More than one-third of Internal Revenue Service employees and managers who were contacted by Treasury Department inspectors posing as computer technicians [trying to remedy a “network problem”] provided their computer login and changed their password [to the one suggested by the inspector].
Believe it or not, this was a fifty percent improvement from the results of a similar audit performed in 2001 when seventy-one percent of IRS employees gave up their login names and passwords.
It is safe to assume that none of these employees intended to do anything wrong, and, more to the point, they had no idea that they had done anything wrong. After all, in a large organization, where employees don’t normally have interactions with the organization’s network personnel, an employee receiving such a call could be caught off guard and, in an effort to be cooperative, provide the requested information.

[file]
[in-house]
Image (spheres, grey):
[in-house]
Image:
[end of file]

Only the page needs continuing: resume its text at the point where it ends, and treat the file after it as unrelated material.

What is needed is: (a) a better understanding on the part of managers and employees of the reality that there are people (indeed, some very bad people) who can and will use the same techniques to hack into critical information systems, and (b) the training of managers and employees to automatically respond properly to such inquiries. The rule should be simple to state, and there should be no exceptions.
Anyone who asks for any password is up to no good. Anyone who asks for your password over the phone is a liar. Anyone who needs to know your password already knows it, can reset it, or can bypass it entirely.
The simple rule is, “Just say no.”